I loved the late 60's, 70's, and some early 80's... back when you knew exactly who a band was because they all had a unique sound.  By mid 80's music was in the crapper for me.

DevilFroggy

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Re: Boomer Sooner
« Reply #79 on: September 20, 2017, 05:23:14 PM »
Speaking of country covers of non-country songs, Glen Campbell does a great cover of Green Day's "Good Riddance (Time of Your Life)"


https://youtu.be/fPpJT3QRRnk
I thought I settled my debts that night on the ride home
But I have still got hell to pay

Drew4UTk

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Re: Boomer Sooner
« Reply #80 on: September 20, 2017, 05:57:17 PM »
just so you feller's know, the 'outlaw' wasn't exactly their rebellious music, it was them thumbing their noses at the Nashville mechanism that takes personality out of music.... 

Kevin Welch spoke to me about his daughter (who endured a terrible accident last year about this time, surviving but short a limb).. she was contracted to write 8 songs, and did so.  after turning them in to the studio, they called her and wanted to discuss them.  they wanted to change key words- making the songs about religion, patriotism, and being vengeful toward her boyfriend...... because that was the direction, at the time, the studio's were pursuing.  Also, a few alterations would be made by the singer that purchased/recorded them, giving them credit for the writing.  

gotta love that shit.  

kevin welch wrote 'pushing up daisy's', and it was purchased by Garth Brooks for a princely sum- and key elements rewritten, and now GB has the accolades of writing it... but you can still find them on youtube by either performer... that machine- nashville- is being challenged by folks like Welch, along with RWH, reckless kelly, steve earle, ect... collectively called 'cross-sountry' or (humorously) 'outlaw country'... also 'Americana'.... and i could care less about any of this, i just dig the shit out of that genre whatever you call it.

and by the way- i got the youtube thing working again if'n ya didn't notice.  

utee94

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Re: Boomer Sooner
« Reply #81 on: September 20, 2017, 06:58:28 PM »
I think y'all have answered Slick's question pretty well.  It was the idea of being able to express yourself, and a rebellion against the Nashville machine that removed personality and individuality.

But there was also a very distinct, slickly produced "Nashville sound" that the outlaws didn't adopt.  Gatlin brothers certainly fell into that, as much as I loved them.  Ronnie Milsap, too.  Plenty of others.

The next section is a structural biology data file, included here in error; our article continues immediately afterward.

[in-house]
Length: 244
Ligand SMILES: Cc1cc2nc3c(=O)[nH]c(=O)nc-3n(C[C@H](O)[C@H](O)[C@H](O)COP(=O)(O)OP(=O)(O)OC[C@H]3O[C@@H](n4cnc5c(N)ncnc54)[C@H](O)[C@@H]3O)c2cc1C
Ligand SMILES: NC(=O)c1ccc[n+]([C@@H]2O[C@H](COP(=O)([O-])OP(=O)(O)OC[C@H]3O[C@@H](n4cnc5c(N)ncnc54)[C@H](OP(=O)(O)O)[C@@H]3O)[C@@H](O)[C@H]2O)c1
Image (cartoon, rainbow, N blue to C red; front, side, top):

But mostly, it was their attitude about the music machine in Nashville, that pushed them to record and promote their music elsewhere.


FearlessF

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Re: Boomer Sooner
« Reply #82 on: September 20, 2017, 10:04:57 PM »
no talk of Boren retiring on the Boomer thread?

a few months after Stoops retires

but, speaking of Waylon............. and song writing

The only two things in life that make it worth livin' 
Is guitars that tune good and firm feelin' women 


https://www.youtube.com/watch?v=kfg8_B6OzqE
"Courage; Generosity; Fairness; Honor; In these are the true awards of manly sport."

MikeDeTiger

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Re: Boomer Sooner
« Reply #83 on: September 20, 2017, 11:37:00 PM »
I think y'all have answered Slick's question pretty well.  It was the idea of being able to express yourself, and a rebellion against the Nashville machine that removed personality and individuality.

But there was also a very distinct, slickly produced "Nashville sound" that the outlaws didn't adopt.  Gatlin brothers certainly fell into that, as much as I loved them.  Ronnie Milsap, too.  Plenty of others.

But mostly, it was their attitude about the music machine in Nashville, that pushed them to record and promote their music elsewhere.
The contrarian in me loves that.  But ironically*, Nashville is the only stronghold left out of the old music hubs that is still cranking out "music" as I think of it.  Not the bro-country BS, but everything else worth listening to for me is done there now.  Used to be my favorite musicians operated out of L.A.  Now if you record there your album is going to be pointed and clicked, copied and pasted together.  If you want live instrumentation and that big, fat analog sound, you're gonna do it in Nashville.  New York is toast as well.  All the artists who sprang from those hubs either moved with that trend, or else they're going to Nashville to do their records, which I find funny for some reason.  
*yes, I know I used "ironically" wrong.  I blame Alanis Morissette.